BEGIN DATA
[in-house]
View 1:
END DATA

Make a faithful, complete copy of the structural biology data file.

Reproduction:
[in-house]
View 1: